Gerhard Richter, Youth Portrait, one of the 15 oil paintings in the series “October 18, 1977” (1988). Courtesy of the Museum of Modern Art. ©2019 Gerhard Richter.

16. “The Long Run” at the Museum of Modern Art

The MoMA dives deep into its collection to consider artists who have had particularly long, sustained careers, celebrating their tireless creativity and experimentation. The show, which features the likes of Joan Mitchell, Louis Bourgeois, Philip Guston, and Gerhard Richter, is something of a test run for the museum’s plans to tell new stories by regularly rotating its collection hang. (That will start in earnest come October, following a four-month closure that kicks off June 15.)

Location: The Museum of Modern Art, 11 West 53rd Street
Price: $15
Time: Saturday–Thursday, 10:30.m.–5:30 p.m.; Friday, 10 a.m.–8 p.m.

—Sarah Cascone

 

Through Sunday, May 26

Installation view of Sarah Trigg’s “Territorial Expansion of the Innermost Continent” at Black Ball Projects.

17. Sarah Trigg’s “Territorial Expansion of the Innermost Continent” at Black Ball Projects

For her first solo show in New York in six years, the artist and writer Sarah Trigg has returned with a series of primordial looking ceramic sculptures splashed with jolts of bright acrylic colors, making them look like something one might find at an archaeological dig in the future. The visible layers of materials—clay, aluminum, paint, resin—expose the layers of Trigg’s artistic process, which is particularly fitting given her longstanding interest in artistic habits and processes, culminating a few years back in her book Studio Life: Rituals, Collections, Tools, and Observations on the Artistic Process (from Princeton Architectural Press).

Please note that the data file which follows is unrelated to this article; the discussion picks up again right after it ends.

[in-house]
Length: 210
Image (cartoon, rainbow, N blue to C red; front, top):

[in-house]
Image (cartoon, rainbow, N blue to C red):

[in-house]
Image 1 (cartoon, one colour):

Location: Black Ball Projects, 374 Bedford Avenue

Price: Free

Time: Saturday-Sunday, 12 p.m.–6 p.m.

—Rachel Corbett

 

Through Friday, June 28

Jaume Plensa, <em>Behind the Walls</em> (2019), at Rockefeller Center, New York. ©Jaume Plensa Studio. Photo by Christopher Burke Studio, courtesy of the artist and Richard Gray Gallery.

Jaume Plensa, Behind the Walls (2019), at Rockefeller Center, New York. ©Jaume Plensa Studio. Photo by Christopher Burke Studio, courtesy of the artist and Richard Gray Gallery.

18. “Frieze Sculpture” at Rockefeller Center

The inaugural edition of Frieze Sculpture presents work by the likes of Joan Miró, Hank Willis Thomas, and Walter de Maria in an indoor/outdoor sculpture park. Brett Littman, director of the Isamu Noguchi Foundation and the Garden Museum in Long Island City, has curated the exhibition of 20 public works.

Location: 45 Rockefeller Plaza
Price: Free

—Sarah Cascone